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Your guide to Split
Welcome to Split
At first glance, this Croatian port town on the Aegean Sea seduces the eye with white stone buildings and red-tiled roofs, which glow against the bright blue of the sky and the Mediterranean Sea. As you wander down Split’s narrow streets, you realize that the buildings around you span two millennia, and you find yourself staring upwards, picking out architectural details from the Roman era, the Middle Ages, and the Belle Epoque.
Whether you’re visiting Split at the peak of its bronzed-beachcomber summers or during its moody gray winters, Croatia’s second-biggest city exudes a relaxed vibrancy. The shops and galleries along Marmont Street (Marmontova Ulica), as well as its seafood market, are bustling no matter what time of year. In the warmer months, locals and visitors alike while away the afternoon at the bars and cafes flanking the beach at Bačvice, or settle into open-air restaurant tables along the Riva, the city’s seaside promenade, for a leisurely dinner and plenty of crowd-watching.
When is the best time to stay in a vacation rental in Split?
The mild Mediterranean climate of the Dalmatian Coast brings plenty of visitors to Split. Like most of the region, winter is gentle here, though no one’s shimmying into bathing suits for a long day on the waterfront — the regular rains and winds green up the hillsides and keep locals indoors. April ushers in a flower-filled spring, and the whole town turns out for Krnjeval (Mardi Gras), celebrating with masked balls and parades. From late May through early September, the dry heat begins. With little rain and temperatures in the 80s and 90s Fahrenheit, Split’s beaches and tourist attractions fill up, and the pleasure boats on the sea proliferate. Croatians and foreigners alike descend on Split in July and August for the Summer Festival, when some of the city’s most scenic sites host open-air concerts and ballets. If you’d prefer to see a more serene side of Split, book one of the area’s vacation rentals for mid-September through October, when the water is still warm, the days are still sun-drenched, but the crowds have gone.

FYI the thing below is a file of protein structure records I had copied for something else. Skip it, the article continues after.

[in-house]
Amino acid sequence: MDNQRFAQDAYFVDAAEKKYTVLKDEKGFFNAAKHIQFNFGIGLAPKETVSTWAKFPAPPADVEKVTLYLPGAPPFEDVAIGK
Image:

What are the top things to do in Split?
Tour Diocletian’s Palace
Few Roman sites from 1,700 years ago have the immediacy of the spectacularly preserved Diocletian’s Palace. Built for the emperor back when Split was a village on the outskirts of the more populous Salona (itself now in ruins), Diocletian’s fortress and imperial residence has been absorbed into the surrounding houses and shops. You will shuttle back and forth through the centuries as you wander through the ancient Cathedral of St. Domnius, arched passageways and gates, and the peristyle (central courtyard). Afterward, head to the Archeological Museum to peruse hundreds of Roman artifacts.
Take Some Island Time
You could spend a full year exploring the 1,200 islands off the Croatian coast. If you don’t have a year, take a ferry to Hvar or Brač, two of the biggest, not to mention the easiest, to get to from Split. Hvar draws the internationally rich to its azure bays and graceful villas, and you can wander around the medieval city of Hvar or escape in a car to more remote towns and beaches. On Brač, vineyards and olive groves stripe the mountainside on Vidova Gora, which you can summit by foot in just a few hours, cooling off afterward on Golden Horn Beach.
Climb Marjan Hill
Split is situated on a peninsula that juts into the Aegean, and an expansive natural preserve covers its western tip. A large hill divides the park from the residential neighborhoods on its east flank, and as you climb you’ll pass open-air cafes, a Jewish cemetery, and centuries-old chapels. Many locals treat Marjan as an open-air gym, and you’ll likely spot runners sweating up the steps and climbers feeling their way along the rocky bluffs. If you crest Marjan Hill and head back down on its north side, you’ll reach pine-shaded beaches suited for contemplating the sea rather than stretching out a towel.